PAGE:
Deibel, S., & Thorpe, C. M. (2013). The Effects of Response Cost and Species Typical Behaviors on a Daily Time-Place Learning Task. Learning & Behaviour, 41 (1), 42 - 53. doi: 10.3758/s13420-012-0076-4
Peckford, G., McCrae, S.M., Thorpe, C.M., Martin, G.M., & Skinner, D.M. (2013). Rats’ orientation at the start point is important for spatial learning in a water T-maze. Learning & Motivation, 44, 1-15. DOI: 10.1016/j.lmot.2012.06.006
Hallett, D., Nunes, T., Bryant, P., & Thorpe, C. M. (2012). Individual differences in conceptual and procedural fraction understanding: The role of abilities and school experience. Journal of Experimental Child Psychology, 113 (4), 469 – 486. DOI: 10.1016/j.jecp.2012.07.009
Thorpe, C. M., Hallett, D., Murphy, M., Fitzpatrick, C. L., & Bakhtiar, A. (2012). Interval time-place learning in young children. Behavioural Processes, 91 (2), 198 – 201. doi: 10.1016/j.beproc.2012.07.002.
Thorpe, C. M., Deibel, S., Reddigan, J., & Fontaine, C. (2012). Strain differences in a high response-cost daily time-place learning task. Behavioural Processes, 90 (3), 384 – 391. doi: 10.1016/j.beproc.2012.04.004
Martin, G. M., Pirzada, A., Bridger, A., Tomlin, J., Thorpe, C. M., & Skinner, D. M. (2011). Manipulations of start and food locations affect navigation on a foraging task. Learning and Motivation, 42 (4), 288 - 299. DOI: 10.1016/j.lmot.2011.08.001
Thorpe, C. M., & Wilkie, D. M. (2007). Rats acquire a low response-cost daily time place task with differential amounts of food. Learning & Behavior, 35, 71 - 78.
Thorpe, C. M.,Hallett, D., & Wilkie, D. M. (2007). The Role of Spatial and Temporal Information in Learning Interval Time-Place Tasks. Behavioural Processes, 75, 55 - 65.
Thorpe, C. M.,& Wilkie, D. M. (2006). Rats’ performance on an interval time-place task: Increasing sequence complexity. Learning & Behavior, 34, 248 - 254.
Thorpe, C. M., & Wilkie, D. M. (2006). Properties of time-place learning. In T. R. Zentall & E. A. Wasserman (Eds.), Comparative Cognition: Experimental Explorations of Animal Intelligence (pp. 229 - 245). Oxford University Press.
Thorpe, C. M., & Wilkie, D. M. (2005). Spatial associative memory: A possible species difference in rats and pigeons . Behavioural Processes, 70, 301 - 306.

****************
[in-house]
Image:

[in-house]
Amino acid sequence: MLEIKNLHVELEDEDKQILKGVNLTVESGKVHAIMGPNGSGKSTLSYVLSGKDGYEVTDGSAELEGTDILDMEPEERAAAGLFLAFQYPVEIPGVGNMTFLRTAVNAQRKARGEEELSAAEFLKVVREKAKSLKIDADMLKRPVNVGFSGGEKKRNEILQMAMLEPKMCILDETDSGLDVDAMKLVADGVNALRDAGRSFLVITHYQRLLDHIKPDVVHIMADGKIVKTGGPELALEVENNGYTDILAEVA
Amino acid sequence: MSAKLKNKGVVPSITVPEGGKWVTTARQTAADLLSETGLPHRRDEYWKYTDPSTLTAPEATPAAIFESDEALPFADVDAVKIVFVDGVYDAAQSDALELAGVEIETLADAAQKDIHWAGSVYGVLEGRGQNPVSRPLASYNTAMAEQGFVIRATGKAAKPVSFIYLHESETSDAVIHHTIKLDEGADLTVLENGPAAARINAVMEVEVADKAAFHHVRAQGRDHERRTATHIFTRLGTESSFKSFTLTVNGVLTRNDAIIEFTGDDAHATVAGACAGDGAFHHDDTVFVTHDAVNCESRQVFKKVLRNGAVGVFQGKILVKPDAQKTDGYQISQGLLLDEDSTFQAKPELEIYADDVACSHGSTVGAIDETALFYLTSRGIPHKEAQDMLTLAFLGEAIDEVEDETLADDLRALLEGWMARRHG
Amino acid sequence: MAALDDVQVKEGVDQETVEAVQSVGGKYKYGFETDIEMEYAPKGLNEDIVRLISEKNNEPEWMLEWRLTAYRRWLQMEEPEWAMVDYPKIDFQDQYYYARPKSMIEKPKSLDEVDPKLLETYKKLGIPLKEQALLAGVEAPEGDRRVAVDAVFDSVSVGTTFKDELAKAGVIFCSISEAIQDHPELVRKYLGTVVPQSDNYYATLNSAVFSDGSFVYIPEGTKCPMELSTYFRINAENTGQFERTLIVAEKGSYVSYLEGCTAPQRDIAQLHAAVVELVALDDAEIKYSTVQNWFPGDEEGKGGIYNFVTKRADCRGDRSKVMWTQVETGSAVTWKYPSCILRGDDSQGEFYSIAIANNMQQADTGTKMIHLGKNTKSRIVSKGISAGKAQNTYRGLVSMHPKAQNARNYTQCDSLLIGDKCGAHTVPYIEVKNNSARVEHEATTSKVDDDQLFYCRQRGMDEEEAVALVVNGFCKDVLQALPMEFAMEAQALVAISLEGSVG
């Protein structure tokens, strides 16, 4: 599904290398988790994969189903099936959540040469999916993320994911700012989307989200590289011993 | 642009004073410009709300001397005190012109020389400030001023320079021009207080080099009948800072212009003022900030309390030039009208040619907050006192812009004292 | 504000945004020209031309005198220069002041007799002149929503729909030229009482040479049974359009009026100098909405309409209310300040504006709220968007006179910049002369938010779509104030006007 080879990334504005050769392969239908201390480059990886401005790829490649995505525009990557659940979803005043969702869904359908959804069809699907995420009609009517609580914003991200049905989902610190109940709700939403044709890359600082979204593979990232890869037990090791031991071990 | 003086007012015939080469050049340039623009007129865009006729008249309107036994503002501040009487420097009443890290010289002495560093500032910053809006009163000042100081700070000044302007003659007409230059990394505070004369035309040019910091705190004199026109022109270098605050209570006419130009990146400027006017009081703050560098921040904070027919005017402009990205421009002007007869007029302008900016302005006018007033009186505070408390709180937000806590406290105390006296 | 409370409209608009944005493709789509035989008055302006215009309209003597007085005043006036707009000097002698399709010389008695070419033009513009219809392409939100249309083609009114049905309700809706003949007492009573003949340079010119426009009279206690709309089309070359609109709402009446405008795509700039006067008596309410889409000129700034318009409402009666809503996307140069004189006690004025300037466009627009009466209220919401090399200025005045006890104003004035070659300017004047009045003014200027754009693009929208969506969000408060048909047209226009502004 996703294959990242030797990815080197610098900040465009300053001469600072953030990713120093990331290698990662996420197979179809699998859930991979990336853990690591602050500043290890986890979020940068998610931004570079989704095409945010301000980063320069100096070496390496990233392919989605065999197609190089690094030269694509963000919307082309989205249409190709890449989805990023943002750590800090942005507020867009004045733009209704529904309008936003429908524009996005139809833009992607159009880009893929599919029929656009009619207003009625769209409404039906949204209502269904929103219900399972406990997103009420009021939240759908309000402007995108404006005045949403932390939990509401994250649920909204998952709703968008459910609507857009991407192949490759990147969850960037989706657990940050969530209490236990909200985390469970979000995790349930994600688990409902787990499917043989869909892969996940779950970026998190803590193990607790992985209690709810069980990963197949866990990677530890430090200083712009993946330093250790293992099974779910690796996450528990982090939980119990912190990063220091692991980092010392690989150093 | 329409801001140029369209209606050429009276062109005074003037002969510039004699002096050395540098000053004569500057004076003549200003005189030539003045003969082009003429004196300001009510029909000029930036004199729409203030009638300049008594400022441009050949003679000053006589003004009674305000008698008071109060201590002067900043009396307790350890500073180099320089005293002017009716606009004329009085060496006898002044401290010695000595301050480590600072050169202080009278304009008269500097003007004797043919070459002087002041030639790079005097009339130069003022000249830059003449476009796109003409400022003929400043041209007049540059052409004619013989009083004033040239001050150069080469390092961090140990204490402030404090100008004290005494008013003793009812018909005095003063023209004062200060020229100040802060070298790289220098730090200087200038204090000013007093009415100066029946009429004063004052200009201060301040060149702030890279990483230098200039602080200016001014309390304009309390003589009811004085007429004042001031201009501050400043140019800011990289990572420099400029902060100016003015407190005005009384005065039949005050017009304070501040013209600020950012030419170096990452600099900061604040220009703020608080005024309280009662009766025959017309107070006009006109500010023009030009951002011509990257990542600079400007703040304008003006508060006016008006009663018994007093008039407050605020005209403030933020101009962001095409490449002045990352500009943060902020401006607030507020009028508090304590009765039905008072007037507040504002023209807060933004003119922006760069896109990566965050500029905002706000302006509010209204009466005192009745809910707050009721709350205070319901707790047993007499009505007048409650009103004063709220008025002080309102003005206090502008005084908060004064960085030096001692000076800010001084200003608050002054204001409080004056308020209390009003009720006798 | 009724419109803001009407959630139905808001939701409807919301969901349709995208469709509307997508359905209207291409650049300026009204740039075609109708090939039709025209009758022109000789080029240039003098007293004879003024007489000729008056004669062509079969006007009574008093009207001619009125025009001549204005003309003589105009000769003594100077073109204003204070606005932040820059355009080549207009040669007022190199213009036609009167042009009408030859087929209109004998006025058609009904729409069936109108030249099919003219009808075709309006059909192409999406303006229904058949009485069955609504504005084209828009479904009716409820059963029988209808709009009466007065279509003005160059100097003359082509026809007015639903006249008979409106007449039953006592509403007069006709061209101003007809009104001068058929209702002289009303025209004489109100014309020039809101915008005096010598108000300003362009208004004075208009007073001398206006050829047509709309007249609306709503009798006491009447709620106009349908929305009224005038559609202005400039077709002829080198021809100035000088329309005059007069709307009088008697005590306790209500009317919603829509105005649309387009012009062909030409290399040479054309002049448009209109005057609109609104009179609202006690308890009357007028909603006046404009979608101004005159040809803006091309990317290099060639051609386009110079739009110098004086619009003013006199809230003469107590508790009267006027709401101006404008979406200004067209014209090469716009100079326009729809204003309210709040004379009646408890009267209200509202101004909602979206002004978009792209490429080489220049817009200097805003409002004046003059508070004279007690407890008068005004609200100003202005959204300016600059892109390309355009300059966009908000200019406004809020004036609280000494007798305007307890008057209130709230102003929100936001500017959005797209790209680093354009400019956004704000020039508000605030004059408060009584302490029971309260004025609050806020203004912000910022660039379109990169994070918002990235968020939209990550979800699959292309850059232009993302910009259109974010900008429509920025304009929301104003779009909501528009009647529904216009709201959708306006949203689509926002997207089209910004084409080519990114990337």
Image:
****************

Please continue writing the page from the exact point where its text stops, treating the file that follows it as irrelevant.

Thorpe, C. M., & Wilkie, D. M. (2005). Interval time-place learning by rats: Varying reinforcement contingencies. Behavioural Processes, 70, 156 - 167.
Thorpe, C. M., Jacova, C., & Wilkie, D. M. (2004). Some pitfalls in measuring memory in animals. Neuroscience and Biobehavioral Reviews, 28, 711 - 718.
Thorpe, C.M., Bates, M.E., & Wilkie, D.M. (2003). Rats have trouble associating all three parts of the time-place-event memory code. Behavioural Processes, 63, 95 - 110.
Thorpe, C. M., Floresco, S. B., Carr, J. A. R., & Wilkie, D. M. (2002). Alterations in time-place learning induced by lesions to the rat medial prefrontal cortex. Behavioural Processes, 59, 87 - 100.
Thorpe, C. M., Petrovic, V., & Wilkie, D. M. (2002). How rats process spatiotemporal information in the face of distraction. Behavioural Processes, 58, 79 - 90.
Thorpe, C. M., & Wilkie, D. M. (2002). Unequal interval time-place learning. Behavioural Processes, 58, 157 - 166.
Carr, J. A. R., Tan, A. O., Thorpe, C. M., & Wilkie, D. M. (2001). Further evidence of joint time-place control of rats’ behaviour: Further evidence from an “open hopper” test. Behavioural Processes, 53, 147 - 153.
Huxter, J. R., Thorpe, C. M., Martin, G. M., & Harley, C. W. (2001). Spatial problem solving and hippocampal place cell firing in rats: Control by an internal sense of direction carried across environments. Behavioural Brain Research, 123, 37 - 48.
Skinner, D. M., Martin, G. M., Scanlon, C. J., Thorpe, C. M., Barry, J., Evans, J. H., & Harley, C. W. (2001). A two-platform task reveals a deficit in the ability of rats to return to the start location in the water maze. Behavioral Neuroscience, 115, 220 - 228.